Kahane Cooperman is a documentary filmmaker and television producer. She directed and produced the 2017 Academy Award-nominated short documentary “Joe’s Violin”. Currently, she is the Executive Producer/Showrunner of the Untitled Holcomb Project, a non-fiction series for SundanceTV. Prior, she was the Executive Producer and Showrunner of The New Yorker Presents, a series for Amazon Prime. From 2005-2015, she was Co-Executive Producer of The Daily Show with Jon Stewart, where she was originally hired as a field producer in 1996. For her work at the show, she received eleven Primetime Emmy awards and three Peabody awards. Kahane began her documentary career at Maysles Films in NYC. She directed and produced several documentaries prior to Joe’s Violin including Cool Water (Sundance Film Festival) and Making Dazed about Richard Linklater’s Dazed and Confused, which was broadcast on AMC and acquired by the Criterion Collection. Kahane has an MFA in Film from Columbia University.
Raphaela Neihausen is the cofounder and Executive Director of DOC NYC, America’s largest documentary film festival. She is also Executive Director of Stranger Than Fiction, a weekly series at IFC Center now in its 12th year. She co-hosts WNYC’s “Doc of the Week” and Executive Produces the podcast Pure Nonfiction. From 2011 – 2014, she launched the Montclair Film Festival, as Executive Director. Raphaela produced the award-winning and 2017 Oscar-nominated short documentary Joe’s Violin. Prior to that, she produced the feature documentary Miss GULAG (recipient of grants from the Ford Foundation and Sundance Documentary Fund) that premiered at the 2007 Berlin Film Festival and was broadcast all over the world. Raphaela speaks several languages and holds a BSFS/MA joint degree from Georgetown University’s School of Foreign Service.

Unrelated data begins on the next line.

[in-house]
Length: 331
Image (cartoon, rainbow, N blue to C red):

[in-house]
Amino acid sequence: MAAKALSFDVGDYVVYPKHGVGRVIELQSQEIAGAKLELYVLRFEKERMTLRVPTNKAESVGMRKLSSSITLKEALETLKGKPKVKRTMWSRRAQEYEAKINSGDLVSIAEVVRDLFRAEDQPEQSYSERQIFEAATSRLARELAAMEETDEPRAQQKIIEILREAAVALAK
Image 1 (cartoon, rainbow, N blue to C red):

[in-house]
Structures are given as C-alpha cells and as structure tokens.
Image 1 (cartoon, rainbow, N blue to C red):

About the Film
Filmmakers: Kahane Cooperman, Raphaela Neihausen
Runtime: 24 minutes
In the Academy Award nominated short documentary Joe’s Violin, a 91-year-old Holocaust survivor donates his violin of 70 years to a local instrument drive, changing the life of a 12-year-old school girl from America’s poorest congressional district, and unexpectedly, his own. Joe’s Violin poignantly illuminates how the power of music brings light in the darkest of times and how a small act can have a great impact.